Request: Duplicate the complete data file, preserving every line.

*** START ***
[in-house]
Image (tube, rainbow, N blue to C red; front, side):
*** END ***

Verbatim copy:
[in-house]
Image (tube, rainbow, N blue to C red; front, side):